THE DEADLY AFFAIR (1967, Sidney Lumet)
Despair seeps out of every frame of this adaptation of John LeCarre's debut novel Call For The Dead. London is a drab and grey city whose only respite from suffering seems to be a pint in a grotty pub or a trip to tortuous West End productions of Macbeth or Edward II. James Mason plays Charles Dobbs (Paramount held the rights to the name George Smiley), an MI5 operative whose suspicions are aroused when a Foreign Official kills himself shortly after Dobbs interviewed him about his student affiliations with the Communist party. A visit to the dead man's wife (Simone Signoret) indicates a wake-up call was placed by the victim for the following morning. An unusual move before a suicide. LeCarre's worldview is bleak and unforgiving and Call For the Dead laid down the groundwork for his Smiley stories. Smiley as the quiet observer of a human tragedy overshadowed by the machinations of the Cold War. The Deadly Affair captures this tone all too well. It makes the Harry Palmer films look glamorous and Callan seem like a cheerful bloke. Mason makes it work though. Not the best Smiley, but the most sympathetic version
EYE OF THE NEEDLE (1981, Richard Marquand)
Tense WWII thriller starring Donald Sutherland as a seemingly well-mannered English gentleman who is outed as a Nazi spy and flees to Scotland where a U-boat is waiting for him off the coast. Big Ian Bannen’s chasing after him so he’s wise to run. He’s desperate to get back to Berlin with information about the forthcoming D-Day invasion but he gets shipwrecked on a wee island and ends up lodging with unhappy housewife Kate Nelligan and her embittered invalid of a husband (Christopher Cazenove). Sutherland is chilling as the outwardly charming but utterly ruthless killer who will do anything to get home. There’s a moment where we learn a little about The Needle’s aristocratic upbringing and his life before the war and a portrait emerges of somebody who’s always been a loner, but this is primarily an old-fashioned chase movie. It could have been made 30 or 40 years before and it would have starred James Mason or Dirk Bogarde.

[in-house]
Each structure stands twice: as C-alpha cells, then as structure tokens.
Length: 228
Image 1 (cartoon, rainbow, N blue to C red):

THE FLORIDA STRAITS (1986, Mike Hodges)
Mike Hodges made this TV movie for HBO in-between Morons From Outer Space (1985) and A Prayer For the Dying (1987) and it’s better than both of those theatrical releases. Raul Julia plays a Cuban political prisoner sent to America after his release, who on his arrival immediately hires a boat owned by sailor Fred Ward to take him back home to find the gold coins he threw from his plane on a mission twenty years ago. Really he just wants to speak to the woman he left behind. Like most films about men going in search of gold nothing works out as planned and the journey becomes more important than the destination. Hodges has a talent for undercutting machismo with vulnerability and in terms of mid-80s’ actors you really can’t do better for leads than the late Raul Julia and Fred Ward.
NIGHT MOVES (1975, Arthur Penn)
Always wanted to see this having heard so much about it. Night Moves was written by Scottish writer Alan Sharp who somehow despite being from Greenock was able to write authentically American genre pieces. Gene Hackman plays an L.A. based private investigator hired by an actress to find her missing teenage daughter which he does easily enough. But solving this case only makes matters worse and leads him onto a more complicated mystery involving a smuggling operation. The details are a little hard to fathom but this feels like a movie that needs multiple viewings to get a handle on. It has the same sense of fatalism Sharp brought to the western The Hired Hand (71, Peter Fonda) and deserves its reputation as one the best films of the 70s’.